Friday, January 08, 2016

of mouse and man

We were just stepping inside the kitchen from the garage, having returned from a visit to my doctor, when just from the corner of my eye I thought I saw something skittering across the kitchen floor.  I was unsure if I really saw something or if I was hallucinating, being still somewhat sedated from that earlier encounter with my doctor. Mary saw nothing since she was behind me.  Then suddenly it happened again.  On the one hand I was relieved that I wasn’t hallucinating, but on the other hand I was pissed off that now I would have to hunt down that intrepid little mouse who dared to invade my home.

But first I had to deal with Mary.  I knew what her reaction would be to having a mouse as a house pet, so I adopted my calmest, most zenlike state of enlightenment, softened my voice to nearly a whisper, and prayed that the expected seismic disturbance wouldn’t drain the lake. 

“Uh, dear, I think we have a visitor sharing sharing the warmth of our home.” I broke the news to her as gently as possible. 

“ What do you mean, a visitor?” She was giving me only half of her attention, thinking that I meant a big fly or a moth or some other winged nuisance that had managed to survive the cold outside and had found a way into the warmth of our house.

“What?  What do you mean?” she repeated, a note of apprehension in her voice. 

“It’s actually a mouse.  I just saw him again in the kitchen.” It felt so good to have some important, consequence laden, honest news to lay in her lap that I wasn’t involved in or responsible for.  I didn’t have to lie at all.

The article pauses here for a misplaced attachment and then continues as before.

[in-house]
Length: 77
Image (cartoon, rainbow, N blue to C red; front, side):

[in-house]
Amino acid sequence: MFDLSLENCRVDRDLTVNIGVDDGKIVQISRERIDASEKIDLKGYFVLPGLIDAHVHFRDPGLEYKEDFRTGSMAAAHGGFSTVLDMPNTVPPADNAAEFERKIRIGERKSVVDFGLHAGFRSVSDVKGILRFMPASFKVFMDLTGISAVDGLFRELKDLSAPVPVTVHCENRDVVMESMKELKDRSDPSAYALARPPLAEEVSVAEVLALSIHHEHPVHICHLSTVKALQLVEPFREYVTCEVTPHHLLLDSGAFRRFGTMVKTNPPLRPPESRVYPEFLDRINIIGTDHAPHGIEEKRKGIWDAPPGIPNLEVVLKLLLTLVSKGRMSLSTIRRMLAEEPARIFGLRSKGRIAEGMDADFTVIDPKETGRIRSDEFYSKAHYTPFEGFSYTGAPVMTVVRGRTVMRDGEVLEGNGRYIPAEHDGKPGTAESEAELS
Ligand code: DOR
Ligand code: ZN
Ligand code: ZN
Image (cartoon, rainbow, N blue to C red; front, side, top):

Her brain hadn’t quite kicked in yet to the possibility of the visitor being, in fact ,a “critter” from outdoors who managed to to get itself indoors where it could cause all kinds of problems, not the least of which was eating everything in sight and leaving the resultant excremental evidence of its comings and goings. The idea that a wild thing that is usually found only outside, was in fact, inside, was gradually beginning to snap those brain synapses that deal with mice into place.

“I mean, I just saw a little bitty mouse scoot across the kitchen and head into the dining room.”  I stayed calm and undisturbed, hoping she would feed off my calm and not go ballistic upon hearing the news. “ Don’t worry. He’s harmless.  The poor little thing is more scared of you than you are of him.”

Then, despite all my prayers and hopes that she would simply delegate the job of evicting our own Mickey to me, the feared eruption began, not with any kind of preliminary huffing and puffing, but with full blown fear and indignation.
“Eeeeek!!!”  She exploded. (her screams did actually sound like eeeeek) “You get that thing out of here right now.” She nearly choked on the words as she leaped up onto the nearest chair.  “How can you be so calm!?”  She acted as if I had personally gone out and recruited a suicidal mouse to live with us for the evening.  “ I am not going to live in this place unless you get rid of him. Now!  I’m staying in a motel as long as that rodent is in here,”  she hysterically informed me. “What if there’s more than one?  What if he gets in my bed ? (notice she didn’t say our bed.  That’s when I knew I was in deep mousey dodo) “How did he get in here?  You must have left the door open like you always do. “  (Notice how it is becoming all my fault.)  “You have to do something or I’m moving out! “ I was going to offer to pack her bags, but reasoned that that would only make it worse. 

And wouldn’t you know it, just then little Mick decided to make a run for it.  He careened full speed around the corner from the livingroom and made a mad dash for the basement stairs, squeessing his tiny tush under the closed door and disappearing as quickly as he had arrived. 

That’s when Mary finally calmed down enough to realize that this wasn’t the end of civilization as we know it.  As long as she was reasonably certain that the cute little adventurer would remain downstairs and not violate the upstairs/downstairs boundary, she would be content to wait until morning for my mandated killing rampage to begin.

You will have to wait to learn the outcome of my battle with the mouse that nearly brought us to the brink of insanity.  If you don’t hear from me again you can assume the worst.   Getting fitted for your mouse ears at that point might be a good idea.



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